An Interview with Brendon Small from Dethklok: The Dethinterview

The virtual death metal band Dethklok has billions—yes, billions—of fans, and are a cultural influence and a driving economic force.

The group boasts a whole bunch of “fictional facts” that are, quite frankly, too comical to believe. As the focal point of the animated series Metalocalypse, the members of Dethklok are Nathan Explosion, Skwisgaar Skwigelf, Toki Wartooth, William Murderface, and Pickles. They’re not the brightest tools in the shed, as they are portrayed as aloof, stupid even, while the powers that be around them are often plotting much to the band’s demise.

The show appropriately airs on Adult Swim, with a TV-MA rating, as the content is often morbid—violent even—and often channels ironic humor. And to maintain the credibility of the characters’ too-hot-for-tv language, the usual “bleeps” are replaced by pinch harmonics.

The mastermind behind the characters of Dethklok, self-proclaimed “guitar nerd” Brendon Small, brought the concept of the band to life with the first official Dethklok album, aptly titled The Dethalbum, released in September 2007, about a year after the cartoon’s premiere. And while the real-world act hardly scratched the surface of its cartoon counterpart’s smashing success, the album debuted at number 21 on the Billboard Top 200 list. Its 2009 follow-up, Dethalbum II, peaked at number 15 on the Billboard 200 chart and sold 45,000 copies during the first week of its release.

This October, the band is back at it again with the release of the third installment of the Dethalbum record, which features music from the second, third and fourth seasons of the show. Small and his musical cohorts—bassist and backup vocalist Bryan Beller, drummer Gene Hoglan and guitarist Mike Keneally—kicked off a 30-city tour with All That Remains, Machine Head, and The Black Dahlia Murder on Oct. 30.

Small took some time out from his multi-faceted busy schedule to talk metal composition, why he took his guitar smarts to YouTube, and what Metalocalypse fans can expect during the upcoming season.

Congratulations on the release of Dethalbum III, out now via Williams Street Records. Where did you draw inspiration and what was the composition process like?

My composition process is really strange and I don’t know anybody else who does it this way; I write parts of a song, for the tv show [Metalocalypse], and I’ll do it very quickly. I’ll spend about two hours on it. Then I’ll come back to it and write some lyrics in about a month and a half, maybe two months, and then I’ll have about 45 minutes of music. And then I’ll revisit it like a year and a half or two years later and try to make it into a song. The goal is to see if I’m interested in listening to the song. If I’m getting through song without getting bored, that’s the objective. I always consider myself the audience, for the tv show, too. If not, I usually get rid of it and get sick of it.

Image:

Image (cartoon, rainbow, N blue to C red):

If you write something very quickly and use your instincts, and then forget about it and go back to it months later, you’re surprised with what you did at the time, and then it feels very fresh and new, and I get to correct things I wasn’t crazy about during the last go around. I can make it up as I go along. I’ll show it to Gene on drums or Bryan on bass, or Ulrich Wild, who engineered, co-produced and mixed, but ultimately, there’s nobody between me and the label. So whatever gets on the record is pretty much what I feel like should be there. Having all those weird gaps of time in between composition creates a little more objectivity and [gives me the opportunity to be] “sick of shit.” And sometimes I’m just writing stuff and saying it’s a placeholder, and I’ll go back to it.

You’re gearing up for a headlining tour with Machine Head, All That Remains, and The Black Dahlia Murder. What are you most looking forward to on tour, to collaborate with such a comprehensive, influential group of bands?

These bands are incredibly cool. I’m a big fan of Black Dahlia Murder, in particular. I’m somewhat friendly with them and they’re really cool. I don’t know the other guys as well, but I’m excited to go out and play, and be loud. I’m more of a part-time musician. Most of what I do is not music—I do it for a concentrated amount of time. Metalocalypse takes up more of my time, as well as other projects I do. Ultimately, when I go on tour, I want to make sure my dumb amps and guitars work. And let’s hope people buy tickets and show up—that’s very important.

Shortly after you released your solo album, Galaktikon, this past April, you introduced your weekly “shred-ucation” sessions on YouTube to educate aspiring guitarists. What made you want to do that?